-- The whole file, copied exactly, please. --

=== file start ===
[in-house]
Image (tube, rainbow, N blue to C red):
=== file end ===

[in-house]
Image (tube, rainbow, N blue to C red):